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Effect of Cooling Rate on Drop-Tube Processed Commercial Grey Cast Iron

[+] Author Affiliations
Olamilekan R. Oloyede, Tim Bigg, Andrew M. Mullis

University of Leeds, Leeds, UK

Paper No. IMECE2015-52368, pp. V014T11A018; 8 pages
  • ASME 2015 International Mechanical Engineering Congress and Exposition
  • Volume 14: Emerging Technologies; Safety Engineering and Risk Analysis; Materials: Genetics to Structures
  • Houston, Texas, USA, November 13–19, 2015
  • Conference Sponsors: ASME
  • ISBN: 978-0-7918-5757-1
  • Copyright © 2015 by ASME


This study focuses on the fundamental of solidification of commercial grey cast iron as a function of the externally applied cooling rate. Grey cast iron powders were prepared using the drop-tube method, which is a good analogue for commercial production via high pressure gas atomization. The as-solidified droplets were collected and sieved into size ranges from > 850 μm to < 53 μm diameter, with estimated cooling rates of 500 K s−1 to 75,000 K s−1, with each sieve fraction being prepared for metallographic characterization. The microstructure and phase composition of the powders were analyzed using XRD, optical and scanning electron microscopy, with the results being compared against a control sample subject to slow cooling in the drop-tube crucible; which has typical grey cast iron microstructure with extensive flake graphite in a largely ferrite matrix. In contrast, flake graphite was absent in virtually all the drop-tube samples, even in those with the most modest cooling rates. Microstructural analysis revealed that as the cooling rate increased there was less fragmentation of the primary austenite/ferrite dendrites and the volume fraction of primary dendritic material increased. Hence, as the particle fractions get smaller (D < 106 μm) there is a distinct microstructural evidence of a martensite phase which is related to its better mechanical properties (microhardness) as the sample sizes decrease.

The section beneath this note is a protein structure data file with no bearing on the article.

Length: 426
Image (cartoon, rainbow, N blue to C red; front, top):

Copyright © 2015 by ASME
Topics: Cooling , Cast iron



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